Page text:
Smoking Outside: NJ Bergen County

New Jersey

Individuals are divided over whether smoking bans in public parks cross the line to trample on individual rights.

South Bergen towns moving toward smoke free parks

April 4, 2013
BY? MATTHEW MALYSAAND KELLY NICHOLAIDES, STAFF WRITERS

Individuals are divided over whether smoking bans in public parks cross the line to trample on individual rights.

The Rutherford Board of Health has passed a resolution recommending that the governing body adopt an ordinance designating all outdoor municipal public parks, recreation areas and public events as 100 percent smoke and tobacco free.

“There is currently nothing that prevents a person smoking a cigarette, cigar or pipe in our parks other than in Tryon Field. It really becomes an issue when there are people in an area watching a game and someone starts smoking. At the moment there is nothing that could be done about it,” said Rutherford Health Official Brian M. O’Keefe.

Rutherford is currently the only municipality in the South Bergenite coverage area with no outdoor tobacco control ordinance on the books. Tryon Field is the only recreation area in Rutherford that bans smoking. Carlstadt and East Rutherford are 100 percent smoke free, Lyndhurst bans smoking at the municipal park and recreation areas and North Arlington bans smoking on borough owned/leased fields during sponsored activities.

Currently 24 out of the 70 municipalities in Bergen County restrict outdoor smoking by ordinance or resolution. Due to medical studies that continue to link secondhand smoke with health risks, towns throughout the state are moving to outlaw smoking in all parks and recreational facilities. Of the 556 municipalities in New Jersey, 158 ban smoking in some parks, and about half have banned them in all their parks. Eight of 21 counties in New Jersey currently ban smoking in their parks.

Part of the push to ban smoking in public parks across Bergen County is an ongoing effort by the Bergen County Integrated Municipal Advisory Council, whose representatives have been meeting with officials from northern New Jersey municipalities.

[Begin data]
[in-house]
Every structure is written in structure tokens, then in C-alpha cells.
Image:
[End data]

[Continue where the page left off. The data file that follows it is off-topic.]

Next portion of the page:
This coalition of New Jersey tobacco control experts touts that banning smoking in parks is a health benefit for those that would otherwise be inhaling secondhand smoke, reduces the visibility of tobacco use to children, and reduces the need for tobacco waste clean up in parks. The group offers free signage to all towns that pass a 100 percent smoke free ordinance.

The “100 percent smoke free public places” metal signs have been paid for by a grant from the state health department’s Office of Cancer Control and Prevention, and are available on a first-come, first-served basis to municipalities.

Al Ferrara from the Bergen County Department of Health Services told Rutherford’s mayor and council that the main draw of the signs is the idea that the policy is self-enforcing. Ferrara cited a study done in Central Park after New York City went 100 percent smoke free in 2011. According to Ferrara, the study showed that even with the one year policy of no enforcement, the amount of tobacco waste was cut in half after a year. “People see the signage and respect it,” said Ferrara.

Karen Blumenfeld, Executive Director of Global Advisors on Smokefree Policy (GASP), said a 100 percent smoking ban is important because a partial ban on smoking in parks makes it difficult for residents to understand where the smoking and nonsmoking areas start and end and the partial ban is difficult to enforce.

“When you create a 100 percent smoke-free environment you are sending a clear message to the children who frequent the parks – partial bans tell children that is okay to smoke but just not here,” said Blumenfeld.